Arkansas became the 22nd U.S. state where gay marriage was deemed lawful when a court there threw out a ban on same-sex unions, further extending the growing number of states allowing such unions into the South.
State court Judge Christopher Charles Piazza in Little Rock invalidated Arkansas’ prohibition, citing a 1967 U.S. Supreme Court decision that ruled a ban on interracial marriage was similarly unlawful to support his reasoning. The ruling is the latest victory for same-sex marriage proponents in a spate of litigation nationwide following a Supreme Court ruling in June that overturned part of the federal Defense of Marriage Act.
“It is time to let that beacon of freedom shine brighter on all our brothers and sisters,” the judge wrote. “We will be stronger for it.”
The Arkansas ruling follows federal court decisions that since December have invalidated same-sex marriage bans in Utah, Oklahoma, Virginia and Michigan. The decisions legalizing same-sex marriage in those states are on hold while they’re appealed.
The state will appeal the ruling, Aaron Sadler, a spokesman for the Attorney General Dustin McDaniel, said in a statement. Piazza will also be asked to put his ruling on hold during the appeal “so as not to create confusion or uncertainty about the law,” Sadler said. Arkansas filed its appeal over the weekend, according to the Associated Press.
The Arkansas lawsuit is one of more than 70 marriage equality cases pending in 29 states and Puerto Rico, the Human Rights Campaign, a gay rights advocacy group, said in statement on its website. The group said it is spending $8.5 million on a new program to promote equality for residents of Arkansas, Mississippi and Alabama.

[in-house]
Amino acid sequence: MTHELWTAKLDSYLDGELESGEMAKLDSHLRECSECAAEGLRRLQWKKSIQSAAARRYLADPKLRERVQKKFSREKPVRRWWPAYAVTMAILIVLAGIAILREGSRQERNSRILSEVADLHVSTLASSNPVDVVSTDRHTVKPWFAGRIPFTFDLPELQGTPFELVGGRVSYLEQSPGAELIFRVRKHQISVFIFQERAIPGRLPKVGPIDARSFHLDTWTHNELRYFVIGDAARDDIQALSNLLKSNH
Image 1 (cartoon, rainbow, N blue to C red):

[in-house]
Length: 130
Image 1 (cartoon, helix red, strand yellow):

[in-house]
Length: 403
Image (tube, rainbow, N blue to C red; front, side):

Gay marriage rights have been recognized by popular vote, court rulings or state legislatures in California, Connecticut, Delaware, Hawaii, Illinois, Iowa, Maine, Maryland, Massachusetts, Minnesota, New Jersey, New Hampshire, New Mexico, New York, Rhode Island, Vermont, Washington and the District of Columbia.
A federal judge in Texas has ruled that state’s ban is unconstitutional when he was asked to issue a preliminary injunction. Judge Orlando Garcia left the state ban in place pending appeal.
The case is Wright v. State of Arkansas, 60CV-13-2662, Circuit Court of Pulaski County, Arkansas, Second Division (Little Rock).
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